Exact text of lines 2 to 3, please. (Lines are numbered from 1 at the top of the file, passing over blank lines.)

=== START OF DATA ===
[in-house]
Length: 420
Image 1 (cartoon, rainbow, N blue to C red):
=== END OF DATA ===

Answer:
Length: 420
Image 1 (cartoon, rainbow, N blue to C red):